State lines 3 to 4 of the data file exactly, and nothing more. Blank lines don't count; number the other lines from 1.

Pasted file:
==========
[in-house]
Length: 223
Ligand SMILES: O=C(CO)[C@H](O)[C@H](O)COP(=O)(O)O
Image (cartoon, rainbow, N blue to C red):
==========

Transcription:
Ligand SMILES: O=C(CO)[C@H](O)[C@H](O)COP(=O)(O)O
Image (cartoon, rainbow, N blue to C red):